Second, moissanite does not have the same optical qualities as diamond and there are several indicators that make it easy for an experienced practitioner to spot with the naked eye. Pure white moissanite is difficult to produce, and they often appear slightly green when viewed in natural light. Additionally, moissanite have significantly higher lightness and brilliance factors than natural diamond, making them appear “too sparkly” to some. Overall though, moissanite is a beautiful synthetic diamond choice.
“Moissanite From the Sky” at http://www.fromthesky.com is a good source for fine moissanite jewelry.
Diamond Nexus gemstones are the result of a relatively new scientific advance in processing technique and have only recently become available in the United States.
Diamond Nexus gemstones are excellent diamond simulants and closely match the properties of mined diamonds in many different benchmarks. They cut glass, being virtually identical to diamond on the Mohs scale (hardness). They refract perfect “hearts and arrows” and have brilliance and brilliance readings extremely close to that of a flawless diamond.
Best of all, they’re currently priced to launch for the US market and are a steal at $79 per collation. Diamond Nexus gemstones are only available in solid gold and precious metal settings.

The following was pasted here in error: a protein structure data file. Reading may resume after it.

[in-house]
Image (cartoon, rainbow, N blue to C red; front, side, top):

Diamond Nexus is only available from Diamond Nexus Labs at: http://www.DiamondNexusLabs.com
Sapphire is the second hardest natural mineral on the Mohs scale, second only to diamond. They are, unlike the others in this review, a natural stone. However, its brilliance and brilliance are not up to diamond standards. However, quality white sapphires priced around $220 per carat are a good alternative to diamond.
A quality source is: http://www.TheNaturalSapphireCompany.com
Gemisis Cultured Diamond
Gemisis diamonds are beautiful and near perfect replica diamonds. Unfortunately, they are not available in a transparent white color, so they are not a good fit for traditional diamond settings. However, if a yellow, orange or pink diamond is what you crave, Gemisis offers amazing options in beautiful precious metal settings and fine jewelry.
Gemisis Cultured Diamonds are only available at: http://www.gemisis.com
Synthetic diamonds offer many advantages over the mined variety. You can shop with confidence, knowing you’re getting exactly what you paid for and haven’t been the victim of diamond price scams. If you care about the world around you, you can have a clear conscience, knowing that your money has not contributed to sustaining an abusive and unethical industry.
However, there are many synthetic diamond options, with varying grades of quality. Take a little time to review the seller’s information to get a clear idea of what the science is behind the gemstones he is purchasing.
For my money, I think the best options are quality Moissanite stones or the new diamond-simulating gemstones available from Diamond Nexus Labs.